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that's the development. Lower range Pentax bodies were not able to manipulate the aperture with the camera body only, it is and was only possible with the higher range bodies like z1p. If you can't manipulate in the body and want to set the aperture as you wish, you will need the manual settings on the lens. However, some lenses do not offer this option anymore. The most people coming here have trouble with their lens. The mechanism which allows you to switch between manual an automatic modus has a weak spot. If the spring of the mechanism is broken and you use the lens on a digital body, it is recommended to leave it on a-mode, because you can manipulate the aperture there in the body too, or repair the mechanism. For switching between bodies it is better to have all options anyway. With a broken mechanism you might not be able to switch from manual back to the a-mode. The bodies will not be able to use any mode where it is important to change the aperture too. This leads to stop down metering and shutter priority won't work, at least not properly.

I hope this helped
02-23-2015, 02:23 PM   #42
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Thank you so much for the guide.
It has helped me resolve an issue I've had with this lens for 18 years! It was always very intermittant whether it would work in A., on any of my cameras.

It turns out that I was missing the angled plate that sat underneath the sprung pin that formed the A-M Selecting plate assembly.

Through trial and error I made a replacement out of one leg of a paper binder as it was about the right width and thickness of metal. Took me a couple of hours to stop it interfering with the aperture workings and get it just so. I think it contacts the inside of the lens mount, so it completes the circuit.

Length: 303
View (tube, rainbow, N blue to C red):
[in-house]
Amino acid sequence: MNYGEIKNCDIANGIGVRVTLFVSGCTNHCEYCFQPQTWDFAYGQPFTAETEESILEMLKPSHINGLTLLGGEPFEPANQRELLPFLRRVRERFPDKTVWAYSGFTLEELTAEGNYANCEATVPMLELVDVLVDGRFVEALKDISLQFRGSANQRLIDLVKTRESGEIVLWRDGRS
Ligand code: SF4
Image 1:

Plus I lot the spring and pin a couple of times, so spent a while trying to locate it on the carpet!

Now I can use it on my new K50 with confidence!

Thanks again!
02-23-2015, 02:35 PM   #43
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QuoteOriginally posted by bigyinn Quote
Plus I lot the spring and pin a couple of times, so spent a while trying to locate it on the carpet!
It's a good thing you were able to find them. One tip I read somewhere is to take a nylon stocking/pantyhose and put it over the tube of a vacuum cleaner and vacuum around where the items dropped. They will get caught in the nylon mesh and it works with non-ferrous parts unlike a magnet.
02-24-2015, 05:07 AM   #44
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QuoteOriginally posted by Not a Number Quote
It's a good thing you were able to find them. One tip I read somewhere is to take a nylon stocking/pantyhose and put it over the tube of a vacuum cleaner and vacuum around where the items dropped. They will get caught in the nylon mesh and it works with non-ferrous parts unlike a magnet.
I think I spent as long looking for the spring as I did carrying out the repair!
Luckily I have good eyes!
Very very happy to have fixed this.
05-25-2015, 02:06 PM   #45
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I have just joined the forums because I had this exact problem - and here is the solution, in exquisite detail.

Many thanks!